American Airlines bankruptcy news shows flaws of “pay wall”

American Airlines parent filed for Chapter 11 bankruptcy this morning to reduce labor costs and shed its big debt load. “It was the last major airline to resist filing for Chapter 11 in an effort to shed contracts, a move that analysts said left it less nimble than many of its competitors,” as the New York Times reported.

There already are more than 100 “free” reports available on Google, including the major dailies and Fort Worth Star-Telegram. The press release is free on Business Wire.

But here’s the message you get at the website of the Dallas Morning News, American Airlines’ hometown city: Two scant paragraphs (after a “pop-up” ad) and then you run into a “pay wall.” It reads “get subscriber content access to read this story.”

The price ranges from $2.31 a week to $8.53 a week to continue reading. The “pay wall” was launched in March.

The Morning News is the lone major newspaper in the Dallas market, once one of the nation’s most competitive newspaper cities. The rival Dallas Times Herald closed in 1991. Throughout the ’90s the Morning News won numerous Pulitzers.

Most news has become a “commodity” nowadays, as American’s bankruptcy shows. Putting it behind a “pay wall” only sends readers to the competition. And there’s plenty of it.

Google’s aggregation site already is a “home” for news seekers. Now Facebook is inching closer to an IPO that it hopes will value the company at $100 billion, as reported here.

As the Dallas Morning News publisher Jim Moroney himself put it in 2009: “If The Dallas Morning News today put up a paywall over its content, people would go to The Fort Worth Star-Telegram.”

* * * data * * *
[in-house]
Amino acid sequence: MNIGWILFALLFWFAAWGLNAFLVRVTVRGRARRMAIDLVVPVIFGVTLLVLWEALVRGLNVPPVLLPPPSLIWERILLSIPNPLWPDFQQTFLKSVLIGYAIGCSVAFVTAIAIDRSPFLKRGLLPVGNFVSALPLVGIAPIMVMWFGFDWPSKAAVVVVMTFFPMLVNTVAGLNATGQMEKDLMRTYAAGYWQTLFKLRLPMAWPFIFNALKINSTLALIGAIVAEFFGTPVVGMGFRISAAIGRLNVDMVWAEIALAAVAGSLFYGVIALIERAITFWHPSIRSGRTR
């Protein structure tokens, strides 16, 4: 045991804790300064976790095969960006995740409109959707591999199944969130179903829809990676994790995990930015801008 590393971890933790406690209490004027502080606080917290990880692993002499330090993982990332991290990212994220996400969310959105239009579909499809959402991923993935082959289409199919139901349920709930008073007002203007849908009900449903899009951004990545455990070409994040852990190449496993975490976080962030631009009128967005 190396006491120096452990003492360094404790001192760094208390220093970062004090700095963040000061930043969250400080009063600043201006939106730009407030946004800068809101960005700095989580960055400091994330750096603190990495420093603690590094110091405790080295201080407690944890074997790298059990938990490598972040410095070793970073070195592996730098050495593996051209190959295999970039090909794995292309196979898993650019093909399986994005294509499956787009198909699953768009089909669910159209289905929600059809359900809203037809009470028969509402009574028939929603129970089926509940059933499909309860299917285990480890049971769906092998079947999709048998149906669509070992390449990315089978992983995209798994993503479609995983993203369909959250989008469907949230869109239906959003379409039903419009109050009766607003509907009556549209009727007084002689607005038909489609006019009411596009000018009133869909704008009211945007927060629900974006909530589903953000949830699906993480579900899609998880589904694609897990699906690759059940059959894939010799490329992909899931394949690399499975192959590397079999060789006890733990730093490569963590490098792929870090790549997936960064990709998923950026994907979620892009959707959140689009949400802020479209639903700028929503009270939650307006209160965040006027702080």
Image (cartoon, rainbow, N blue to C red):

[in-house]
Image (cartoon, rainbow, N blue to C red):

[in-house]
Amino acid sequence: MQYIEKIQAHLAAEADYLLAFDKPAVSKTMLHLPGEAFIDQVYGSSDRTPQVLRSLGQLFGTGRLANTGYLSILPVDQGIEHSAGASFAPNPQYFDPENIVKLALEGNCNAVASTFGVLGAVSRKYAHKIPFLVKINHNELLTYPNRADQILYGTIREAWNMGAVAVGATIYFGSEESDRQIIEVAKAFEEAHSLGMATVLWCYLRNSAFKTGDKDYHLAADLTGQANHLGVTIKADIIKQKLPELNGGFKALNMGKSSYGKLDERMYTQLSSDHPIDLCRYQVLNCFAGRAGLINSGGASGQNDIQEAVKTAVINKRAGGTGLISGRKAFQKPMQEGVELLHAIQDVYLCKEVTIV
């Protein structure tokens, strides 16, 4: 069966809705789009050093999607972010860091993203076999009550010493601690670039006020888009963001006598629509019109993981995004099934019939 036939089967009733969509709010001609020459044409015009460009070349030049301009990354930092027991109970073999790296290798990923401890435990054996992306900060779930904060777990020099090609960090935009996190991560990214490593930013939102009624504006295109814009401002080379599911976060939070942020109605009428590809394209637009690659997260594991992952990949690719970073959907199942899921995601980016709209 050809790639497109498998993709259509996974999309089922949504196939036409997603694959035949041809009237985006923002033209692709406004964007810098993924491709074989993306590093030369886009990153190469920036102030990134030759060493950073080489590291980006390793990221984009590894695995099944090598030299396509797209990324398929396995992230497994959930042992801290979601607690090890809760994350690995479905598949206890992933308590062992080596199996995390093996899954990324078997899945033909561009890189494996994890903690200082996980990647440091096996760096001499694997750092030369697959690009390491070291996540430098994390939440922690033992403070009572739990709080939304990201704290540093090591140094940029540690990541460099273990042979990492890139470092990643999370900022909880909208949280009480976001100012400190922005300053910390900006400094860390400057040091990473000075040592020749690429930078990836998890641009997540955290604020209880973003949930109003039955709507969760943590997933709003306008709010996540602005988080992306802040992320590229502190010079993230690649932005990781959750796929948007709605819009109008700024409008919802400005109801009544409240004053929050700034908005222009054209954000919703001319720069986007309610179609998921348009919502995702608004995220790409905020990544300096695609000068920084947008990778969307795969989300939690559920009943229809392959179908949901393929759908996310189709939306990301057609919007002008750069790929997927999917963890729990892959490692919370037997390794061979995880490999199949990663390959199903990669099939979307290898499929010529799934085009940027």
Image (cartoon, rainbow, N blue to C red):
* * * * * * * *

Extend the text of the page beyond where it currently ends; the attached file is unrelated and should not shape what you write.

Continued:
Author: jeffpelline

Jeff Pelline is a veteran editor and award-winning journalist - in print and online. He is publisher of Sierra FoodWineArt magazine and its website Jeff covered business and technology for The San Francisco Chronicle for years, was a founding editor and Editor of CNET News, and was Editor of The Union, a 145-year-old newspaper in Grass Valley. Jeff has a bachelor's degree from UC Berkeley and a master's from Northwestern University. His hobbies include sailing and trout fishing.

4 thoughts on “American Airlines bankruptcy news shows flaws of “pay wall””

  1. I got past their firewall. Cut and paste the headline to Google – American Airlines, AMR to file for chapter 11 bankruptcy, Dallas Morning News –

    The full article without ad will be available.

  2. Thanks Dave. I should have restated that point, made here before. It just ads to the flaws of a “firewall” model, throwing some cold water in the face of people who are forking out $8.53 a week for supposed “subscriber” content.

  3. Why is news for profit?
    Since the telecommunications act 96′ and ending “public interest, convenience and necessity.” of the fairness doctrine in 87′, we have seen the news transform into infotainment. This is why it is essential to keep net neutrality in place, changing the way we get our news and communicate.

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